if you doubt certain words in Old Greek have direct counterparts (not being borrowings) in Polish (or Slavic in general) see the case of 'aulos' - 'ul' ('aulos' is a pipe in Greek - Polish 'ul' means a beehive (first beehives were simply hollowed out thick tree branches or trunks) - aha - the word reflects ProtoSlavic regular sound changes - all ProtoIndoeuropean -au- diphtongs word monophtongised into -u-
31 Dec 2011 /  #10
Possibly dupa is a variant from of żopa???
31 Dec 2011 /  #11
I think it's rather the other way round 'pupa' being an euphemism

yeah, I thought it has something to do with German - 'Popo' is more or less German equivalent of Polish 'pupa' and if there was some borrowing involved I would bet it was rather German to Polish than the other way round (I pretty much believe 'pupa' to come from 'Popo'_

oh well - it goes further than that -

too bad. I found it very interesting ;-(

you can still read the posts - they are not deep in the random thread yet (just been there to check if they're there)

there was not much interesting there to be honest - I'm just an amateur linguist with no real knowledge of languages like Lithuanian, a couple of words or roots of Latin origin and that's mostly it - the only original thing I came up with was the "'pyge' connection'" ;) - you just won't learn that Greek word unless you study a certain field and surprisingly it's not medicine too :)

the *dup- Slavic root is thought to be connected with Lithuanina *dub- root (meaning deep like in river or lake names (Dubissa) or a sink in the ground, a ditch), these are probably cognates with Germanic *diup root word which also meant deep, maybe the Slavic word is a direct borrowing from Gothic diups (deep) as there are plenty of direct Gothic loanwords in Slavic (including for example modry, modrzew*, chlew, chleb, druh, drużyna (perhaps also drugi) and perhaps even mleko)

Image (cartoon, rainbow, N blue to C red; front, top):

*modry is a name of a blue colour now - but originally it was a name for red or blueish red colour - Gothic 'madr' - enraged, mad (so also red in face) - the old sense of modry is retained in Silesian 'modra kapusta' which is 'czerwona kapusta' in general Polish but also in 'modrzew' (larch) - it is most probably things like 'czerwona kapusta' (red cabbage) that actually caused the 'modry' to change it's meaning - modrzew was simply a modrodrzew - but it hardly makes sense if you think of modry as blue - but makes a lot of sense when 'modry' is red as larch wood is distincly red hue - btw larch wood was the most prized by old Poles - most of the wooden houses were built of it - in contrast to other conifer tree's wood it is very durable and ages very well in the air (know if first hand -not that I built anything from it) - I also guess that it does not change shape when drying out as our pine wood often does

and finally - read the this: (etymology of the 'deep' word)

oh there is another thing I would like to add - when talking about Gothic-Slavic language contact (which as we can see was quite alive) it pretty much defines the area ProtoSlavs lived in the time of contact as we can quite readily reconstruct the migration of the Goths (and the Gepids) from written records and archeology